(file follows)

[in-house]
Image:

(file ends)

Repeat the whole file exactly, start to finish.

[in-house]
Image: